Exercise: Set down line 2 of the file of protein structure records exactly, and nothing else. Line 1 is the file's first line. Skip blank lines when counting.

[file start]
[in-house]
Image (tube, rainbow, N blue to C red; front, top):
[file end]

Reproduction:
Image (tube, rainbow, N blue to C red; front, top):